This just makes me really SICK

From: William Donzelli <>
Date: Mon Jan 19 15:42:54 2004

> The point is that a lot old computer equipment is routinely scrapped for gold,
> as the only salvage value a lot of computers had was in the gold they carried.

Mostly, yes, but many contain enough aluminum and copper to make it
wothwhile. Now that steel is up again, the frames are not so much of a

(and replying to someones post before this, probably TZ's)

> > To a non collector an old mini or mainframe is nothing but a large piece of
> > obsolete equipment only worth its scarp value (steel, aluminum,copper, and
> > gold). The easiest thing to do is have it hauled away for scrap after you
> > rip out any major chips that look like they might have gold in them (cpu's
> > mostly).

Keep in mind that there is often much more than meets the eye. Sure, many
microprocessors have gold - you can see it, plain as day. Many other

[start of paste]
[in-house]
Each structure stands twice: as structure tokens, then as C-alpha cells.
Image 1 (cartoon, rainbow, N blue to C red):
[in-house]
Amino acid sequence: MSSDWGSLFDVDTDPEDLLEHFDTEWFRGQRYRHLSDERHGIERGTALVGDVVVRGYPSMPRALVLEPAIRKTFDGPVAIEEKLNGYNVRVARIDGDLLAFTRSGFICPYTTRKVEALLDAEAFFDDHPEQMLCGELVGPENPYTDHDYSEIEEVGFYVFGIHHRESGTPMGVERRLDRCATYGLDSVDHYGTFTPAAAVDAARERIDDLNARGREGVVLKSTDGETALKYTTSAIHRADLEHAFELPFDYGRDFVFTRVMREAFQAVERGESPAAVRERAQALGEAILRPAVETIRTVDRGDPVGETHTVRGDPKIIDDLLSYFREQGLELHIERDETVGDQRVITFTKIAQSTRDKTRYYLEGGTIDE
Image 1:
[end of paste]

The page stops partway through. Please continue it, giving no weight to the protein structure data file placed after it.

chips that appear quite boring also contain gold - probably 1/2 to 1/3 of
the ceramic types do (break a few open - you will see). Even plain old
plastic DIP TTL contains gold in a good percentage of chips. Crystals
also have gold, and there is often a large amount in metal can transistors.

Most scrappers I know don't realize the old machines are more valuable
intact (by many times, as pointed out). If you want to save the machines,
explain this to them - WITH MONEY IN HAND. Don't try to be a cheapskate -
these guys are pretty damn street smart when it comes to eyeing someone
over for honesty. Screw them, and you have just condemned a few PDP-8s to
death, but treat them, and those PDP-8s will be yours.

William Donzelli
Received on Mon Jan 19 2004 - 15:42:54 GMT

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